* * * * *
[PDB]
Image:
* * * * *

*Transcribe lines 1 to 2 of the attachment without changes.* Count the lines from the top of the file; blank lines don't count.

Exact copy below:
[PDB]
Image: